7.  Issues with writing.  Davies write amazing series finales, but his individual episodes sometimes fall flat.  He also has an annoying habit of stating the obvious.  The most painful moment I can remember is when Martha watches the Doctor fall in love and says, "You had to go and fall in love with a human, and it isn't with me!"  Ug.  A 10 year old could have figured out that that's what she was feeling.  Moffat writes amazing story arcs and great stand alone episodes, but he's too ambitious in his series finales, and they often feel overly complicated and underdeveloped.  I really wish I could take the strengths of the first through fourth series and combine them with the strengths of the fifth through seventh and just get rid of all the stuff I don't like.

8.  Last problematic thing: The Doctor is a super old man who always travels with young, pretty women: being their guide, opening up a whole new world for them, teaching them, sometimes talking down to them.  While the problem is partially addressed by introducing Rory in series 5, it looks like the Doctor will soon have a single, pretty, woman companion again.  So . . . what are the gender politics of this?  Problematic, unfortunately.

9.  I'll end on a positive note since I really do like Doctor Who quite a bit.  So, I'll list my favorite two episodes from each series:

Series One: "The Empty Child" and "The Doctor Dances"

Series Two: "The Girl in the Fireplace" and "Doomsday"

Series Three: "The Sound of the Drums" and "Last of the Timelords"

Series Four: "The Doctor's Daughter" and "Forest of the Dead"

Series Five: "Vincent and the Doctor" and "The Lodger"

Series Six: I have to list three--"The Impossible Astronaut," "A Good Man Goes to War," and "The Girl Who Waited."  And even limiting myself to three is hard.

There aren't enough for series seven to have favorites, but I do have to say that the Christmas special for series six made me cry.  A lot.  SO GOOD!  Also, "Pond Life" managed to make me cry a little bit, too, in only 5 minutes.



I've spent an hour writing this post and only said half of what I wanted to.  But it's enough for now.

Thursday, September 6, 2012

Update-i-ness

So I went to the doctor yesterday.  I really didn't like him.  He had horrible listening skills and seemed to think that when he couldn't notice anything wrong in a 2 minute examination, it meant I was perfectly healthy. After I pressed him and told him that keeping on living like this was not an option, though, he did suggest that I try an inhaler.  I tried it this morning, and now I'm breathing so much better!  Let's hope that this might be the end of my breathing-related problems.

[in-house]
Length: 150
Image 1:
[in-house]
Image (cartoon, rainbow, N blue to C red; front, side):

Please be in prayer for the people I mention in my post a week ago.  It breaks my heart to have them hurting so much.  I also had two students with serious health/life issues this week, so it's a little overwhelming.  I'm trusting God, though, that he understands each and every one of their bodies and has all of these situations under his control.

Monday, September 3, 2012

Irony

So next time I want to make a statement like, "No one I love is allowed to get sick or injured in the near future," I'll just keep quiet.  Because I've learned my lesson.  Less than 24 hours after making that post, what do you think?  Of course I end up in the ER.

Everything's fine, it just took 4 hours for them to make sure everything was fine.  I'm glad tomorrow is Labor Day because I will be doing significantly less work than I was planning to do and will be sleeping the rest of the time!

Also, the title of this post leads me to share this The Oatmeal comic.

Saturday, September 1, 2012

Dear People I Love: No more of you are allowed to become sick or injured in the near future.

Those of you who are sick or injured better start healing quickly.

Too many people I care about are sick or hurt.  It seems like every few days I hear another story, and the last few have escalated in seriousness with each story.  It started a few weeks ago when a couple I knew in college had a baby girl undergo a very scary open heart surgery.  God carried her through the surgery, and she's home safely now.  Then, I found out about a family at church whose baby girl has leukemia.  She's undergoing chemo now, and I can't even imagine how hard that would be on a little baby body and soft baby skin!

Last week, my best friend found out that she has a mystery systemic infection, and it's been making her quite ill.  She's been out of work for almost two weeks, and she's still waiting for a specialist to see her.  Then, a few days ago, another close friend's brother--whom I've known his whole life--fell and lacerated his pancreas; he's had surgery and is looking at a week or two in the hospital recovering.  Today I found out that someone else I love needs to have an extremely invasive and potentially very dangerous surgery.

It's hard when people you love--and even just people you know about--undergo these kind of difficulties.  After a phone call today, I found myself asking God, "Why all the sickness?"  In my heart, I know that these "light and momentary afflictions" are preparing us for the glories of heaven and making us long to be with Jesus more.  But it still hurts when people around me suffer so much.